The first effect will be much higher world interest rates and quickly. This will be devastating for emerging markets that are already struggling to hang on. And that sets off a string of crises that pulls the whole world economy down.
The US Federal Reserve knows all this too. They might intervene and engage in swap arrangements (buying US debt from foreign central banks to maintain their liquidity). It doesn’t all necessarily mean the end right away. It just seriously complicates matters. A lot.
Every day the US dollar strengthens further against most major currencies, the pressure for them to intervene grows.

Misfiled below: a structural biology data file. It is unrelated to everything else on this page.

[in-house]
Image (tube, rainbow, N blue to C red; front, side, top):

If the dollar stops strengthening so fast against many major currencies, that pressure to intervene will be alleviated.
So, let’s hope for a little weakening in the dollar or at least less strengthening, but let’s also watch for Japanese and UK interventions.
These are dangerous times we live in. We are skating on thin economic ice.
 That’s an exaggeration. An Asian country that trades a lot with China and Japan will also hold lots of Chinese and Japanese currency. They’ll still hold dollars. The key point, however, is that we call the US dollar the “world reserve currency” because it’s held by nearly all countries in international reserves and can be used to buy a wide range of things in international markets. That makes it unique.